The Taraba state Ministry of Education in collaboration with UNESCO and Society for Family Health (SFH) has stepped down the national School Rules and Regulations document to be implemented in primary and secondary schools across the state.
Speaking at the dissemination meeting in Jalingo on Monday, the Programme Manager of the Society for Family Health, Mrs Aisha Dadi explained that Nigeria, its states, and schools have a strong reason for introducing and implementing the harmonised school rules and regulations.
“Educated youth is considered a significant resource for the country.
“The country believes that the values, behaviour, and attitudes built within the school community are significant in shaping the future of its young people”.
Aisha who also represented UNESCO at the event, observed that the country sought to ensure that the environment in the schools are safe and supportive for pupils, learners, teachers, and staff.
She said that the school Rules and Regulations are therefore designed to ensure that all children and young people have access to safe, inclusive, health-promoting learning environments.
“There is a need to step up efforts to eliminate school-related violence and bullying, including gender-based violence, to prevent discrimination, and to support schools to promote healthy lifestyles”, she said.
Speaking earlier, the state commissioner of education Mr Johannes Jigem, explained
that the School Rules and Regulations for Primary and Secondary Schools was a comprehensive document that provides an all-inclusive and uniform guideline for primary and secondary schools (private and public schools) in Taraba State
“In 2019, UNESCO Abuja within the framework of its adolescents and young people’s education for health and wellbeing Programme: Our Rights, Our Lives, Our Future (O3) Programme engaged the Society for Family Health, who, in collaboration with the Federal and State Ministries of Education conducted an assessment of school rules and regulations.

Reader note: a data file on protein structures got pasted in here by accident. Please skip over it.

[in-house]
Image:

“It was aimed to determine the level of inclusion of school-related gender-based violence concerns, including bullying, physical and verbal (or psychological) violence, corporal punishment, sexual violence and child sexual abuse, sexual harassment, and intimate partner violence (adolescent dating violence)”.
The commissioner who was represented by the Secretary of the ministry Mr. Bala Namiji,
said the assessment revealed that while some of these issues were included in some school rules and regulations, many had gaps.
“A major problem is the lack of uniformity and standardisation of school rules and regulations.
“An example includes the perception of corporal punishment, which seems to vary across schools.
“While some schools abhor corporal punishment, others recommend it as an effective punitive measure.
“It became necessary to develop a prototype rules and regulations inclusive of all issues of gender-based violence, which would also ensure uniformity and standardisation of the rules and regulations for primary and secondary schools across the state.
“It was based on the foregoing that the Taraba Ministry of Education came up with a committee comprising members drawn from stakeholders within the sector to review and recommend a befitting document of school Rules and Regulations for the state.
He thanked UNESCO, the Federal Ministry of Education and Society for Family Health (SFH) for their commitment to the production and domestication of the document for all primary and secondary schools in the state.